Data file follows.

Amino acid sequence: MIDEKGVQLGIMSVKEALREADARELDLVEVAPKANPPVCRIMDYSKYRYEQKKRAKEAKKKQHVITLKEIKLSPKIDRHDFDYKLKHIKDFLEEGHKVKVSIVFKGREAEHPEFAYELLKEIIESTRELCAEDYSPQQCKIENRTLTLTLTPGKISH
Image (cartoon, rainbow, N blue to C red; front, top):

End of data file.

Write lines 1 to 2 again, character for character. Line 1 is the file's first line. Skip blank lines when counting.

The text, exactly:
Amino acid sequence: MIDEKGVQLGIMSVKEALREADARELDLVEVAPKANPPVCRIMDYSKYRYEQKKRAKEAKKKQHVITLKEIKLSPKIDRHDFDYKLKHIKDFLEEGHKVKVSIVFKGREAEHPEFAYELLKEIIESTRELCAEDYSPQQCKIENRTLTLTLTPGKISH
Image (cartoon, rainbow, N blue to C red; front, top):